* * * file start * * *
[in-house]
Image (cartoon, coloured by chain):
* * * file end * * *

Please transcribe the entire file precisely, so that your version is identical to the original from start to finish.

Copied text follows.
[in-house]
Image (cartoon, coloured by chain):